Sunday, 15 January 2017

Wise Men in a Post-Truth Society

by Tom Fairman

My Dad has a saying or his children have a saying for him: Never let the truth get in the way of a good story. As the Magi or Wise Men from the East come at the Epiphany to herald the end of Christmas time, self-proclaimed wise men have come and affected elections this year to herald the end of a “truth society” and taken this saying for themselves. If the Magi were in a post-truth world, would they have had much luck in finding Jesus and lifting the veil for the nations to see the truth?
So much has been said about the definition of post-truth that a short reminder from Wikipedia, no irony intended, should suffice. They define post-truth as a culture which appeals more to emotions than to facts, one built upon the aftermath of a bruising EU referendum and US election. Voters were often left scrambling in the dark for the facts that were hidden from them, relying more on the stories they were told than statistics they could compare. How could anyone be expected to find the truth when their searches were deliberately hindered by both sides during the election process?
The Magi searched in a similar fashion: they followed a star to Bethlehem. The star is often visualised as a sat-nav that the Magi had programmed to find the new-born King of the Jews, a notion which says more about our current disposition to rely on instant, internet searches to remove doubt rather than an ability to search through logical trials and errors. However the star provided an anchor, a foundation upon which to build. We all possess a foundation of beliefs that belong to us, sub-consciously held unless challenged, beliefs that guide us through life to an ultimate goal; such things as being comfortable financially, living for today or treating everyone equally. For the Magi, the belief that the star heralded the arrival of a new King, a changing of the world order, drove them to travel great distances to arrive at Jerusalem. The underlying truth for them was to believe a king would be born that was worthy of their gifts and worship; a true king whom the could pay true homage to.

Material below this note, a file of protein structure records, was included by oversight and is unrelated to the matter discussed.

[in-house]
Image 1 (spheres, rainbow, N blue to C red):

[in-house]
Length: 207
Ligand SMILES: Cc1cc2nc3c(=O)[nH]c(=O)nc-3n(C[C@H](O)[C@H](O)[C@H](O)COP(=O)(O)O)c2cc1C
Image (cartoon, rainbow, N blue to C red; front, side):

Logically, the Magi went to ask for help on their search from some experts, some guardians of the truth; the current king and his chief priests. Surely they would have seen the signs as well and would have found the new born king already? It is an assumption that is full of logic and although they did not know at first, it did not take long for the chief priests to find the answer. Our own relationship with experts is fraught in our post-truth world and understandably so as we have lost an appreciation for true wisdom. Wisdom was a trait that was earned, the highest measure of respect and usually was attributed to elders in a society and yet the people we turn to for advice are the ones offered to us at the top of some search results or who are popular at the time in our Facebook news feed. Maybe our issue is not with expert advice but with who we call experts in the first place.
The Magi are then left to their own instincts to try and find Jesus and turn back to the star; they rely again upon their own truths to guide them. Eventually they find Him and pay Him homage, the one who calls himself the Way, the Truth and the Life. Their journey has been to find truth itself and is an interesting parallel with Pilate’s discussion with Jesus regarding truth in John’s Gospel. The truth they find leads them to worship, draws an emotional response from them. It is a long journey to finally get to Jesus, but their humble reaction is a true, emotional response. Herod’s response is full of emotion as well when the Magi do not return to him; a genocide ordered out of anger and fear. Truth will always elicit an emotional response from us when we encounter it as, by its nature, it either challenges or supports our existing beliefs, our foundations.
We are hard wired to fit new facts into our existing understanding of the world, to try to make sense of all we see. In this sense, we have always been in a post-truth society, relying on stories and emotions to protect and discover truth. We are constantly trying to establish a narrative for the world, a coherent story and will colour facts and observations to fit the narrative we have chosen. It is one reason why truths were shared in stories, passed on through generations, because people remember stories. Even if the stories weren’t true, we could understand the message through the emotions within it. For example our emotions are used to help us remember the truths our parents want us to know when trying to keep us safe as we grow up.
However truth can elicit different emotions in different people. The truth that is Jesus caused a different response in King Herod to the Magi; it caused them to write different versions of the truth for themselves. Did it cause different truths to exist? No, only their interpretations and their experiences differed. The search to find the truth will continue even in our post-truth society.as it is a search that began in a post-truth society; the real mystery is who has the wisdom to help us on our journey.

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